The panel also noted that Bloch-Bauer had bought the painting twice from Amalie Zuckerkandl to support her financially, as evidence support the idea that he later had it given to her family.  That is to say, he had helped her out before, and the panel thought it plausible that he would have done so again (particularly given the risk as a Jew still in Austria).  The panel then rejected both groups’ claim to the painting.  The Austria Supreme Court later affirmed the decision.

The foregoing is a far murkier trail than the one that the Portrait of Adele Bloch-Bauerfollowed.  It is tragic, and the panel may well have been wrong.  But it is beyond dispute that the claimants made their best case, and the panel weighed the evidence, and came to a decision.  Also important, as noted above, is that in many continental legal systems a later possessor can have good title, even if her predecessor did not.  Again, whether Künstler took the painting in good faith is a difficult question, but it is one that the panel addressed squarely on the merits.  After the Washington Principles of 1998, many museums have been criticized for asserting procedural defenses that leave the substantive questions of what happened unanswered.  But that is not what happened here.

The Loan, the Award, and Respect for Judgments

There have been rumblings that the UK ought to seize the Portrait of Amalie while it is Britain.  Jonathan Jones at the Guardian gives a good explanation as to why such a move would be disastrous in practical and political terms here (“This is clearly a daft request”).  And the fact remains that many of the voices cited in favor of seizing the painting were advocates and lawyers in the Austrian arbitration, which certainly speaks for their passion and persistence.  But what about the law?

Austria has come a long way.  It has established a national claims commission, and it agreed to the 2006 arbitration.  And it is a signatory to UNCITRAL, the United Nations Convention on the Recognition and Enforcement of Foreign Arbitral Awards (the so-called New York Convention).  By any measure, the Altmann/Müller-Hofmann result is an arbitral award.  As a result, it is entitled to deference as a final judgment under the terms of the New York Convention: “Each Contracting State shall recognize arbitral awards as binding and enforce them in accordance with the rules of procedure of the territory where the award is relied upon. . . .”

New York Convention, Article III.  The New York Convention does set forth certain bases to decline recognition of arbitral awards.  They include:

  • Incapacity;
  • Lack of notice;
  • The award goes beyond the scope of the arbitration;
  • The composition of the arbitral panel was not in accordance with the agreement of the parties;
  • The award is not yet binding or has been set aside by a court;
  • The subject matter is not capable of resolution by arbitration; or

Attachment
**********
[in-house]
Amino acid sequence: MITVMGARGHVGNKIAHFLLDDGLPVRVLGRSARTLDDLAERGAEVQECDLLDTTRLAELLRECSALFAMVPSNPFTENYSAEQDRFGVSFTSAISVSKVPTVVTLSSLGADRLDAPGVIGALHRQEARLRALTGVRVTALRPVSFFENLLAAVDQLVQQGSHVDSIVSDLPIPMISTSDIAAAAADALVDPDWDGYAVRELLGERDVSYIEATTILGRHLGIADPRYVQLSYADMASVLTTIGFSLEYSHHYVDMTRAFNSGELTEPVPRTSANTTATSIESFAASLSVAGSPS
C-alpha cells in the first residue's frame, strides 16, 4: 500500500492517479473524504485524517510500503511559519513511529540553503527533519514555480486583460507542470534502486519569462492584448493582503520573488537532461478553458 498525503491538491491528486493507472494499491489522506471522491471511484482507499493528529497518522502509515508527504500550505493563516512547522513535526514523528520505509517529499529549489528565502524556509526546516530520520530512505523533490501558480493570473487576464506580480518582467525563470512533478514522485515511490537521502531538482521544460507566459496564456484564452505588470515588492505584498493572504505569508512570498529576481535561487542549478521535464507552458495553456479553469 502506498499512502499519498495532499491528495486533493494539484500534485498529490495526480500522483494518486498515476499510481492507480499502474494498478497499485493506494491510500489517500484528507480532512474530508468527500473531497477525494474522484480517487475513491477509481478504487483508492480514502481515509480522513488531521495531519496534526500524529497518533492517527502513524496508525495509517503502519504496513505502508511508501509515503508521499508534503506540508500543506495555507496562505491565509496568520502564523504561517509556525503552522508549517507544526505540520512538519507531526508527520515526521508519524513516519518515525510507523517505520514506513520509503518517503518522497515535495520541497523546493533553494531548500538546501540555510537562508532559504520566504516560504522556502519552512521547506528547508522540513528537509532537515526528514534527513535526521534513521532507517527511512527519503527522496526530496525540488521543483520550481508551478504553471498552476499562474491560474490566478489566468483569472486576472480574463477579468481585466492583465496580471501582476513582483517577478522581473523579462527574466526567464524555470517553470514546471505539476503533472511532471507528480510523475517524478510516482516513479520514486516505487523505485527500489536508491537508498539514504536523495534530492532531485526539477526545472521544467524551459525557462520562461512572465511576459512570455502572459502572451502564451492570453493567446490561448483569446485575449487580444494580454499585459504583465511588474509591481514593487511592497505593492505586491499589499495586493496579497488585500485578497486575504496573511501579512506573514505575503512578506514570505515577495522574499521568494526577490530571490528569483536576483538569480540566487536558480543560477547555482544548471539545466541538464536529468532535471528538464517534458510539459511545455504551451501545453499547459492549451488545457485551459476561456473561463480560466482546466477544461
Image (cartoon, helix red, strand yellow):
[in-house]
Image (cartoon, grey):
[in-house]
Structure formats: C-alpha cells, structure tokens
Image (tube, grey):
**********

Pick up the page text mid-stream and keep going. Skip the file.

• Enforcement of the award would be contrary to the public policy of the country where enforcement is sought.

New York Convention, Article V.

Austria defended the claim to Portrait of Amalie on the merits.  The panel may have been wrong as a matter of fact (though I don’t think it can be said to have been irrational).  It may have applied the law wrongly, and the Austrian Supreme Court may have done likewise.  But it is really not for the UK to say otherwise, any more than Americans would accept a French court explaining that the Supreme Court had interpreted American law wrong.  The UK is clearly not going to take the position that the European approach to title is at odds with British public policy, either; imagine the chaos that would set off for British investors and business people on the Continent.

Moreover, Austria is about to face a new claim to the famous Klimt Beethoven Frieze, at the Secession Museum.  The Klimt frieze is one of the iconic works of Vienna.  Its loss would be a major event, so Austria has clearly not undertaken to contest the claim lightly.  Yet Austria has submitted to its claims procedure, which it surely would reconsider if the Portrait of Amalie judgment suddenly were not regarded as final.

What about the United States?  From a jurisdictional standpoint, the Altmann heirs could try to set forth a theory under the FSIA, particularly that they share the same attorney who successfully persuaded the Supreme Court to allow such claims.  But the statute of limitations has undoubtedly run on those claims, and may well be why they have not been brought to no effective purpose.  In short, to ensure that future claims get their day in court, the Portrait of Amalie has to stay right where it is.

If that were not reason enough, proponents of seizure should consider the implications of such a move.  As discussed at length here before, the future of restitution claims in the United States against foreign governments and museums is a shaky proposition at best as far as enforcement.  Advocating that the Austrian arbitral award be ignored would invite a similar approach from any European state museum that lost a judgment in the future.  What if the Beethoven Frieze award were rendered in a US arbitration, but Austrian then refused to recognize it?  That would not help anyone.

It is a fair question whether, as a matter of museum ethics, the National Gallery should have declined the loan.  But again, who is helped or harmed by that?  These are difficult questions, and tragic stories.  But it is also true that making a claim and proving it are different things, and sometimes there are judicial outcomes that people disagree with.  Once that becomes a basis to ignore the results, however, a great deal more is at risk.